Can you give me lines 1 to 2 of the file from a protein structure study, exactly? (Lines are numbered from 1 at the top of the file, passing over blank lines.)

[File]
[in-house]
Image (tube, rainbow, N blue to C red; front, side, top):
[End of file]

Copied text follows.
[in-house]
Image (tube, rainbow, N blue to C red; front, side, top):